Matt Mantell wasn’t always sure that completing horizontal wells with wet sand was going to be as efficient as using smooth-flowing dry sand.

But after proving how well it does work, and how much money it saves, the completions engineering advisor with Chesapeake Energy said the plan to use wet sand at every possible opportunity is moving “full-speed ahead.”

Wet sand represents a new trend in the US shale sector that has spread from operator to operator. After the sand is washed free of unwanted particulates at the mine, it has historically been dried before being delivered to a wellsite.

Wet sand is instead loaded straight from decanting piles. The gas-burning dryers are left off.

Chesapeake’s numbers show that by using wet sand instead of dry sand, the operator saves about $11/ton. On a 10,000-ft lateral using 3,600 lb/ft, this translates to a savings of nearly $200,000, or 2% off the total well cost. In framing the impact of these reductions, Mantell said, “It’s right there with the type of shift we’ve made over the last few years to more regional sands. You’re looking at an opportunity to continue reducing the logistical cost, the trucking cost, from the mine to the wellsite.”

Oklahoma City-based Chesapeake emerged from bankruptcy protection in February and is looking forward to leveraging the shale sector’s latest cost-saving evolutions in its renewed drive to become a low-cost shale producer.

While this is easier said than done, wet proppants appear to be low-hanging fruit.

As Chesapeake’s example demonstrates, successful adoption involves minimal trial and error. It also shows that the outlook for this trend will be bolstered by its lower energy inputs, which means wet-sand wells can boast slimmer carbon footprints.

Gusto may be far from peaking, too. Chesapeake predicts that future mines will become small and mobile, further lowering capital costs.

Learning the Ropes

The operator’s first go with wet sand came in August 2019 during a refracturing operation at the Eagle Ford asset it acquired that same year in its purchase of WildHorse Resource Development. The trial in southeast Texas involved pumping wet sand into just a few stages, but it offered a low-risk opportunity to work through the hiccups that wet sand can introduce.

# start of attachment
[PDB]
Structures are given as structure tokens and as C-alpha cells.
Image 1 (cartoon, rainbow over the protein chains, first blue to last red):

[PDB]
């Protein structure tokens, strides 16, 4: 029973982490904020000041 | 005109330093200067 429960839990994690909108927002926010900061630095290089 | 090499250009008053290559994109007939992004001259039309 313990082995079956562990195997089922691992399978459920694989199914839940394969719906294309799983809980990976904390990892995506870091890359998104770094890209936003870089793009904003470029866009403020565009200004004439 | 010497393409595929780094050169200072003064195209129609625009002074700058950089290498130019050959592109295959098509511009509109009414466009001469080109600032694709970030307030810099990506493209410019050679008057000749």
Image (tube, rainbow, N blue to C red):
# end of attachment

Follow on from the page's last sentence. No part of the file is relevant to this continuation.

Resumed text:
One relatively minor issue discovered early on involved getting the wet sand to load evenly onto the conveyer belt that feeds the blending unit. The clumpy nature of wet sand led to a few big slugs of it hitting the blender all at once, making it difficult to meter just how much was going in.

The issue was quickly worked out in part by simply paying greater attention to how the sand was loaded and unloaded, with the focus on spreading it out as evenly as possible.

Adam Hoffman, a lead completions engineer in Chesapeake’s Eagle Ford asset, said the biggest learning, though, was that there is a “real fine line” between sand that is wet and sand that is too wet. If the moisture content As Chesapeake’s example demonstrates, successful adoption involves minimal trial and error. It also shows that the outlook for this trend will be bolstered by its lower energy inputs, which means wet-sand wells can boast slimmer carbon footprints.

Gusto may be far from peaking, too. Chesapeake predicts that future mines will become small and mobile, further lowering capital costs.

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